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Publication numberUS2831122 A
Publication typeGrant
Publication dateApr 15, 1958
Filing dateNov 9, 1955
Priority dateNov 9, 1955
Publication numberUS 2831122 A, US 2831122A, US-A-2831122, US2831122 A, US2831122A
InventorsBrucer Marshall H
Original AssigneeBrucer Marshall H
Export CitationBiBTeX, EndNote, RefMan
External Links: USPTO, USPTO Assignment, Espacenet
Radiation sources
US 2831122 A
Abstract  available in
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Claims  available in
Description  (OCR text may contain errors)

April 15, 1958 m. H. BRUCER RADIATION SOURCES 2 Sheets-Sheet 1 Filed Nov. 9, 1955 2 w 2 S \m. .2DOO





BY Marsha/l H. Brucer ATTORNEY COUNTS/MIN A ril 15, 1958 Filed Nov. 9, 1955 I I I M. H. BRUCER 2,831,122

RADIATION SOURCES 2 Sheets-Sheet 2 I I I 0.175 0.240 0.305 0.370 0.435



BY Marsha/l H. Brucer ATTORNEY the emitted gamma radiation in human tissue.

been suggested that were a test available for measuring 4 refilling with iodine.

2,831,122 RADIATION sooncns Marshall H. Brucer, Oak Ridge, Tenn., assignor to the United States of America as represented by the United States Atomic Energy Commission The present invention relates to sources of gamma 2 radiation, and more especially to a novel, long-lived source of gamma radiation especially suitable for calibration purposes, now denoted mock-iodine 270.

Radioactive iodine-131. is widely used to measure thyroid metabolism. Many different methods have been proposed for measuring theiodine uptake, and various corrections to observed measurements are made in different laboratories for absorption and back-scatter of It has or calibratingthe methods used in various laboratories, inferior methods might be eliminated and standardization achieved. One such calibration method involves making measurements on a calibrated standard sample in a full sized phantom closely duplicating the upper half of the human torso. These phantoms are very expensive to construct and cannot be properly used with iodine-131 because of the short 8-day half life of the iodine, requiring frequent openings of the phantom for i Besides destroying the phantom by frequent opening and sealing, the calibration of each of the repeated fillings would be open to serious question. With a knowledge of the problems encountered'by those seeking to standardize or evaluate iodine uptake measurements and calibrate certain gamma detectors, I have for an object of my invention provision of a novel gamma radiation source so comprised that it'emits gamma quanta of such energy and in such numbers that it simulates the gamma ray spectrum of iodine 131, but has a much longer half life, so that measurements and calibrations with a standard source may be continued accurately over a period of years, rather'than days. A further objectof my invention is to provide a radiation source characterized by a long half-life from selected ratios of barium and cesium, filtered through an absorber, such that it emits gamma rays very closely approximating those emitted by iodine-131. Another ob ject of the invention is to provide a fluid standard gamma ray source characterized by a gamma ray spectrum simulating that of iodine-131 and comprising barium and cesium dispersed in an ion exchange resin and'filtered by a metal. These and other objects of my invention will be better understood from the following description of a preferred embodiment thereof, when read in connection with the appended drawings, wherein:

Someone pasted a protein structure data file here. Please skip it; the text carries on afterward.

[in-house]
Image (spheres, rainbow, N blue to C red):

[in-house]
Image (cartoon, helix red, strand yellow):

Figure 1 illustrates the gamma ray spectra in air of iodine-131 in curve A and mock-iodine-270 in curve B. Figure 2 illustrates gamma ray-spectra of iodine-131 United States aten in a' phantom in curve C, and that of mock-iodine-27O ina phantom in curve D;

Figure 3 shows the integral spectra in a phantom of iodine-131 in curve Eand mocloiodine-27O in curve F;

Figure 4 illustrates atypical mock-iodine source simulating the thyroid gland; and,

the spectra of mock- Figure 5 illustrates the changes in iodine-270 between the preferred upper and lower barium-cesium ratios.

According to my invention, I have provided a novel gamma source comprising barium-133 and cesium-137 present in ratios of about 5.7/1 to 14/1 and filtered through an absorber of selected characteristics. This source produces a gamma spectrum simulating that of iodine-131, having substantially the same configuration and enclosing substantially equal areas under the spectral curves, yet it has a relatively long useable life of about 10 years. My generic invention may be embodied in so-called point sources, wherein the mixture is encased in an absorber, and also'in fluid sources, wherein the barium and cesium mixture is dispersed uniformly in whatever strength desired in an ion exchange resin, such as Dowex 50, to provide a simulation of radioactive human tissue. Dowex 50 resin, a product of Dow-Corning, has a soft tissue-like effective Z, its density is close to unity, it is non-corrosive, and it binds tightly the long-lived isotopes. It consists principally of benzene rings linked in cross-linked carbon to carbon chains, with hydroxyl and sulfonic acid groups attached.